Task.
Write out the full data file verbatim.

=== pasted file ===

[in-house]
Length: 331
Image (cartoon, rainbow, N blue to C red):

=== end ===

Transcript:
[in-house]
Length: 331
Image (cartoon, rainbow, N blue to C red):